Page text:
How to start a data privacy conversation in your city – a bulletpoint guide

This guide forms the end documentation for my recent Mozilla Open Leaders project which culminated in launching a regular data privacy email for Birmingham, UK. If you want to do this in your city or region, I hope it will be useful info to get you started. And if you have any follow-up questions as you go, email me at observedcity@pm.me and I’ll do my best to answer and update the guide.

NOTE: You don’t necessarily have to follow all the steps below but I really do recommend starting with an Open Canvas as a way to unpack the ideas in your head into something more practical and workable.

Image: (CC) Michael Coghlan/Flickr

Short term (research & development)

  • Fill out an Open Canvas outlining your aims for the project, the problem you are aiming to solve, the needs and resources, and target users and contributors. Here is an example showing the open canvas for ObservedCity
  • Content calendar – compile list of events and online activities in your area (data privacy, data research, art, tech, activism). Place events under each month on a calendar doc; extract interesting people and organisations for potential contacts. Subscribe to newsletters that are relevant to your project.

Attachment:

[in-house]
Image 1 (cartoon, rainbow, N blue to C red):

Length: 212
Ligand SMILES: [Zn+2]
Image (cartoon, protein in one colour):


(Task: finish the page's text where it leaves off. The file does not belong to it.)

• Contacts/network list – find everyone you should connect with in your area who are working with data/privacy in some way or run relevant events: university researchers and academics, privacy activists, digital artists, curators and galleries, a local Open Rights Group, Meetup.com groups, Chamber of Commerce, local government initiatives helping businesses with big data, ‘smart city’ groups, police and neighbourhood alerts, potential contributors, hacker groups, coding clubs, local Mozilla Campuses, tech drinks and meetups, open data groups, relevant social enterprise startups, ImpactHub, collectives and coops, event organisers.